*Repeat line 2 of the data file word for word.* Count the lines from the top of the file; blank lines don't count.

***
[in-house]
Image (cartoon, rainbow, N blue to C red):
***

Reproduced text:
Image (cartoon, rainbow, N blue to C red):